The Effects of the Length of the Tax-Loss Carryback Period on Tax Receipts and Corporate Marginal Tax Rates
John R. Graham
Duke University; National Bureau of Economic Research (NBER)
Cornell University - Samuel Curtis Johnson Graduate School of Management
June 10, 2009
We investigate how the length of the net operating loss carryback period affects corporate liquidity and marginal tax rates. We estimate that extending the carryback period from two to five years, as recently proposed in President Obama’s budget blueprint, would provide $19 ($34) billion of additional liquidity to the corporate sector for 2008 (2009). Our calculations imply that the benefits of the extended carryback period would be concentrated in the homebuilding, automobile, and financial industries. Extending the carryback period would increase the marginal tax rate of loss firms by more than 200 basis points on average, which all else equal would lead corporations to use an additional $8 ($10) billion of debt and reduce tax payments by another $1.2 ($1.5) billion in 2008 (2009). Overall, the tax break proposed by the Obama administration would have a significant liquidity effect on corporations suffering large losses in recent years. If the tax proposal were extended to include TARP firms, the liquidity effect would triple in size.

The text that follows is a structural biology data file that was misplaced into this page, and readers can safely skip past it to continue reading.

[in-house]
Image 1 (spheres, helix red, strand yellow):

Number of Pages in PDF File: 29
Keywords: Loss Carryback, Tax Cut, Tax Stimulus, Corporate Tax Payment, Obama Tax Proposal, Tax Relief, Corporate Liquidity, Marginal Tax Rate, Federal Tax Revenue
JEL Classification: H25, G32, G38, H32, E62
Date posted: April 2, 2009 ; Last revised: December 13, 2009
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